The Athens County Sheriff’s Office has added a new school resource officer to its team.
Deputy Kevin Lemon is the new school resource officer for Trimble Local School District, serving the junior high and elementary school, which is one building along with the high school.
Deputy Lemon’s current hourly rate is $17.97, with an overtime rate of $26.96, Makina Milum, Athens County Sheriff’s Office fiscal officer, said.
Lemon has been in law enforcement for close to 10 years, previously being employed at the Gloucester Police Department and most recently as a deputy in Morgan County.
For Lemon, getting a job in Trimble Township feels like coming back home.
“I live right here in Trimble Township, so graciously, the sheriff's office offered me a position here,” Lemon said.
As a school resource officer, Lemon provides security and ensures safety at the schools.
Being in a school, however, also limits what Lemon can do as an officer. While Lemon is still a police officer, he can only deal with criminal issues at the schools, he said. For those issues, he also has to collaborate with the schools.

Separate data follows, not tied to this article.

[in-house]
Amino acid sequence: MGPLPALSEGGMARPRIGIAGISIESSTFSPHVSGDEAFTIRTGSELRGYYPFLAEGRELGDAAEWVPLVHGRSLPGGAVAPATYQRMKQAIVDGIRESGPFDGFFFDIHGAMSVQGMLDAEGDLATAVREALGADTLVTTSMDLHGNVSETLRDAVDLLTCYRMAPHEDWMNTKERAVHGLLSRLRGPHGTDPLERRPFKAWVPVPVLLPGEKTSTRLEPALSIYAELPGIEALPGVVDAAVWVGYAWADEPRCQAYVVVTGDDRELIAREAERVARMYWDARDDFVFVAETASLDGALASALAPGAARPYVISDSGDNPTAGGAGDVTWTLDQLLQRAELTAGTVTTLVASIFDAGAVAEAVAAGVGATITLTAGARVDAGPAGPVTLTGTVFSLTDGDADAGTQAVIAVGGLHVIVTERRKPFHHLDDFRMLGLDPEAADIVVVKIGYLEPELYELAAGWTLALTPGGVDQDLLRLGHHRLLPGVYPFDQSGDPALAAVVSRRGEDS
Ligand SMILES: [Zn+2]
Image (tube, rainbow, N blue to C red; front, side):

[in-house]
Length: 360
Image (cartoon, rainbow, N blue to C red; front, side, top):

Lemon is glad to have the opportunity to work further with the community and schools.
“I'm glad to be over here. I know a lot of people. There's a lot of good people in this community,” Lemon said. “I'm glad to come over here to be able to protect the children … I still live in the community, and I'm glad to be a part of it.”
To become a school resource officer in Athens County, the general hiring process for a deputy applies, Sheriff Rodney Smith said.
That includes various processes, such as testing of general law enforcement knowledge, graded interview processes, a spelling test and also the requirement of being a certified police officer.
A second round of interviews with narrowed-down candidates are then conducted. After the second round, a criminal background check, self credit check and physical agility test are included in the next steps.
Then, a conditional job offer can be made, Smith said.
School resource officers are also expected to make a positive impact on the community.
“We (look) for somebody that's really a people person, more than, I guess, just the average road officer. So we want that special person that’s going to be able to pull that off and relate to the kids and set that good example,” Smith said. “What we try to sell to not only the schools, but the public, (is that) it's not us against them. We're here for a mission to try to make our community safer.”